In December, the Illinois “SAFE-T Act” was put on hold after Kankakee County Judge Thomas Cunnington found portions of the law unconstitutional. As RedState reported, the Act included numerous reforms to the Illinois criminal justice system, not least of which is the elimination of cash bail.
The elimination of cash bail and the amendments to the corresponding pretrial detention provisions is where the SAFE-T Act proves most controversial, and with good reason. Pretrial detention replaces bail to prevent the defendant from fleeing prosecution but also serves to protect the public from the threat posed by dangerous defendants.
But the SAFE-T Act sets multiple standards for pretrial detention layered one on the other. These provisions will make it difficult for prosecutors when petitioning to detain defendants that pose a threat to the public.
The trial court’s ruling applied to 64 counties but not to counties that were not part of the lawsuit, including Cook, Lake, Kane, DuPage, and 34 other counties in the state.
After that ruling, Illinois Attorney General Kwame Raoul appealed the decision to the state’s Supreme Court, which then issued an order staying the provisions in question pending the appeal. As I noted at the time:
[A] ruling striking down a portion of the law would likely not sit well with the State’s governor. Notes National Review:
The SAFE-T Act was the brainchild of Illinois’s governor J.B. Pritzker, who some have suggested as a potential Democratic presidential candidate in 2024. The bill was widely criticized by Republicans and Democrats alike, who accused Pritzker and his allies in the legislature of ignoring record-breaking levels of violent crime in Chicago.
On Tuesday, the Illinois Supreme Court handed down a 43-page Opinion upholding the SAFE-T Act. In overturning the trial court’s ruling, the Court concluded:
The Illinois Constitution of 1970 does not mandate that monetary bail is the only means to ensure criminal defendants appear for trials or the only means to protect the public. Our constitution creates a balance between the individual rights of defendants and the individual rights of crime victims. The Act’s pretrial release provisions set forth procedures commensurate with that balance. For the reasons that we have stated, we reverse the circuit court’s decision to grant summary judgment in favor of plaintiffs.
On December 31, 2022, this court granted a supervisory order staying the effect of pretrial release provisions in Public Acts 101-652 and 102-1104, along with various amendments to Illinois Supreme Court rules that facilitated the implementation of those provisions. See People ex rel. Berlin v. Pritzker, No. 129249 (Ill. Dec. 31, 2022) (supervisory order). Sixty days after the filing of this opinion, on September 18, 2023, this court’s stay of pretrial release provisions in Public Acts 101-652 and 102-1104 shall be vacated. On that date, the circuit courts are directed to conduct hearings consistent with Public Acts 101-652 and 102-1104, and Illinois Supreme Court Rules implementing those pretrial release provisions shall become effective. See 5 ILCS 70/1.11 (West 2022).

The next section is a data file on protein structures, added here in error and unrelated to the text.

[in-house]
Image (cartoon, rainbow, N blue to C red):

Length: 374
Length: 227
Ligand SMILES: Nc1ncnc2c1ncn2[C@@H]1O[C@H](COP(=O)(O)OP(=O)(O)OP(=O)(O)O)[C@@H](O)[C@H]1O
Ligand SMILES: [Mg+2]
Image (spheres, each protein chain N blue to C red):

Justice David Overstreet filed a dissenting opinion, in which he was joined by Justice Lisa Holder White, observing:
The people of Illinois exercised their ultimate sovereign power in 2014 when they vested crime victims with constitutionally protected rights. They did so by amending the bill of rights in our state constitution, setting out specific enumerated rights to be enjoyed by all crime victims in this state. Those enumerated rights include the explicitly defined right to have their safety and the safety of their families considered by the courts in “denying or fixing the amount of bail.”
This constitutionally protected right is, without question, a limitation on the General Assembly’s authority. Before the legislature can abolish monetary bail, effectively requiring the “amount” of bail to be zero for every criminal proceeding in this state, the legislature must first ask the people to again exercise their ultimate sovereign power and reconsider the scope of this constitutionally protected right. Until that has occurred, the legislature may not, under any circumstances, usurp the people’s exercise of their ultimate sovereign power and undermine their embodiment of this right as cemented in the bill of rights of our constitution.
When the state of New Jersey overhauled its pretrial release practices to prioritize nonmonetary means of pretrial release, it amended its constitution to accommodate this fundamental change in that state’s public policy. See Holland v. Rosen, 895 F.3d 272, 279-80 (3d Cir. 2018) (noting that both the new legislation and the constitutional amendment took effect on January 1, 2017). Here, in Illinois, to abolish monetary bail and the corresponding judicial determination of the “amount of bail,” the legislature must, likewise, first ask the citizens of this state to reconsider the constitutional mandate that the safety of crime victims and their families be considered in setting the amount of bail. The legislature has not done so, but this is constitutionally required no matter how desirable it may be to abolish monetary bail. Accordingly, in the interests of preserving our representative form of government, this court is obligated to declare the Act’s infringement on the Illinois Constitution’s bill of rights to be invalid and unenforceable. For these reasons, I am compelled to dissent from the majority’s validation of this unconstitutional statute.
As indicated in the majority opinion, the new provisions will go into effect on September 18th.
Unsurprisingly, Governor JB Pritzker praised the ruling, posting the following statement on Twitter:
— Governor JB Pritzker (@GovPritzker) July 18, 2023